ERR and ERR share high sequence homology at their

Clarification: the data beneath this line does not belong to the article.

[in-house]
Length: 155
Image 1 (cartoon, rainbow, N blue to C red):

ERRα and ERRγ share high sequence homology at their DNA binding domain (98% identity) and bind response elements in a similar fashion (Fig. 3 and Liu et al., 2005), yet ERRγ shows high variability in its capacity to stimulate the different response elements, whereas ERRα does not (Fig. 6A). For example, ERRγ binds the consensus steroidogenic factor 1 response Eptifibatide receptor (SF-1RE) and thyroid hormone response element (TRE), but it only activates the SF-1RE moderately and is inactive on the TRE, whereas ERRα activates both elements (Heard et al., 2000, Sanyal et al., 2002). Additionally, the osteopontin (OPN) gene promoter is very sensitive to ERRα stimulation but not to ERRγ (Bonnelye and Aubin, 2005, Huppunen et al., 2004). These studies demonstrate that the ERRα and ERRγ have very different molecular and biochemical characteristics. Indeed, our molecular study showed that the conformation of ERRγ is influenced by binding to the MHRE (Fig. 6B) and the changes of conformation could lead to the recruitment of coactivators or release of corepressors, thus affecting its transactivation function. The biological implication of ERRγ conformational change upon binding to different response elements is not clear but may be important to its functional roles, especially since it has a broad range of binding specificity (Razzaque et al., 2004). Another major difference between ERRα and ERRγ is that ERRγ interacts strongly with SRC1, a coactivator not only required for the transactivation function of nuclear receptors but also needed to increase the potency of PGC-1α (Puigserver et al., 1999). Specifically, the AF2 domain of the ERRγ is required for the protein–protein interaction with coactivators. On the other hand, ERRα interacts with the coactivator weakly whether AF2 domain is present suggesting, that the region of receptors and coactivators interaction is different between ERRα and ERRγ. Interestingly, both ERRα and ERRγ bind PGC-1α identically. The differences in coactivator interaction are also reflected in their coactivation function, in which PGC-1α is the most potent coactivator for both ERRα and ERRγ whereas SRC-1 is a potent coactivator for ERRγ. Since SRC-1 is ubiquitously expressed, it may explain why ERRγ actively stimulates the ERRα gene expression in the absence of PGC-1α in several cell lines tested (Fig. 6D and Liu et al., 2005). How ERRα represses the ERRγ-stimulated MHRE activity is unclear, nonetheless, we can rule out the competition for binding to the DNA since ERRα mutants deficient in DNA binding (p-box mut) retain the repression function, whereas the N-terminus containing the DNA binding domain lost the repression function. These study suggest that the repression function of the ERRα lies at the C-terminal region. In EMSA study, both ERRα and ERRγ were present on the MHRE although it was not clear whether they form heterodimers. Moreover, the ERRα and ERRγ interact with each other in vitro and in vivo. It has been shown that heterodimerization between ERRα and ERRγ inhibits the transactivation function of each other, in contrast to the homodimerization which is needed for their transcriptional activity (Horard et al., 2004a, Horard et al., 2004b, Huppunen and Aarnisalo, 2004). It is also known that one of the dimerization interfaces of ERRα resides in the C-terminal region (Horard et al., 2004a, Horard et al., 2004b), implicating that the heterodimerization between the ERRs is one of the mechanism for ERRα repression. We detected both ERRα and ERRγ on the chromatin of MHRE by ChIP assay and showed that overexpression of ERRγ significantly increases its occupancy on the chromatin of MHRE without affecting the ERRα presence, and vice versa (Fig. 7A). MHRE is composed of multiple ERE half sites with various spacing and orientations (Liu et al., 2003) and the two reversed ERE half sites (TGACCTTCA) separated with 14bp are important for ERRs binding and transcriptional activity (Fig. 3 and Liu et al., 2003). It is unusual for a nuclear receptor to bind two ERE half site with such wide space in between. Nonetheless, ERRγ has been reported to bind a broad range of sequences, including the monovalent binding sites (Razzaque et al., 2004), whereas ERRα also binds variety of response sequences (Barry et al., 2006, Johnston et al., 1997) including the NRRE-1 of the medium chain acyl-coenzyme A dehydrogenase (MCAD) gene at sites with 14bp in the middle (Maehara et al., 2003). Recently, Giguere\'s laboratory demonstrated that a single nucleotide change in ERRα binding site can affect the mode of PGC-1α activation of its target promoters (Barry et al., 2006). Thus, the binding characteristics of ERRs may influence the recruitment of coactivators and the transactivation activity.